10 Things You Shouldn't Say To Moms On Mother's Day

With Mother's Day right around the corner, I thought now would be a useful time to review some of the do's and don'ts of this nationally recognized holiday. Specifically, I would like to talk about things you shouldn't say to moms on Mother's Day, mainly because I've observed that some people just don't get it and, well, need some guidance.

Moms deserve Mother's Day, people. Being a mother is tough and, more often than not, much of motherhood is unremarked upon, "invisible" labor. This is to say nothing of actual labor, too, which many mothers will suffer through, which deserves its own holiday of recognition if you ask me. Personally, I choose not to make a particularly big deal of the day, and I know a lot of people for whom it's also not a big deal for various reasons., too I also know other women for whom it's a very special and important day, again, for any number of reasons. No one's reasons are any more valid than the other and none require explanation. I just consider "Mother's Day" a "do the moms in your life a favor by being extra nice to them and allowing them to call all the shots" day.

You can especially do them honor, however, by never allowing any of the following to escape your lips. So, whether the mom in your life thinks Mother's Day is a big deal, or she would rather just skip the day and call it good, make sure you don't say the following things. Ever.

"Wish You A Happy What Now?"

In this day and age there is just no excuse for forgetting important or notable dates. You have a calendar in your pocket with you at all times. Set reminders. Set alarms. Set several of both. Mother's Day has been celebrated the second Sunday in May for the past 103 years in the United States. This isn't terribly difficult.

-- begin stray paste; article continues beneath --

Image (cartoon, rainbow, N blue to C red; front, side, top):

"You Should Call Your Toxic/Abusive/Evil Mother"

Nope. Nope, nope, nope, nope, nope. This goes for everyone, but especially for moms (simply because one doesn't get to tell a mom what to do on Mother's Day).

No one else gets to dictate someone else's relationship with their parent, especially when that relationship has a history of neglect and/or abuse. Mother's Day is not a free pass for crappy parents to pretend they're entitled to their child's love and respect when they've done nothing to earn either. If someone regularly and intentionally keeps their mother at arm's length, Mother's Day presents them with absolutely no obligation to change their standard operating procedure. That's not to say some relationships are beyond redemption, but if someone isn't ready (or doesn't want to) take the first steps to work on a relationship on Mother's Day, that is their call.

"You're Not My Mother"

This is an obnoxious thing to say in general, but it's particularly egregious when coming from a co-parent. Because oh really, beloved partner of mine? You want to play this game? Really? With the mother of your children? You wanna rewind and try that again?

Aside from this just being rude AF, this attitude is so childish and self-centered. Like, are you seriously trying to get out of doing something nice for someone on Mother's Day on some alleged technicality that you're only obligated to acknowledge your own mother today? Mother's Day is, yes, primarily about your own mother, but it's also a day for all mothers, most especially the important mothers in your life which better as hell include me. I'm not saying you have to throw a parade for every woman who has ever born and/or raised a child today, but maybe just don't be a dick.

"You Should Be Alone. You're With Your Kids All The Time!"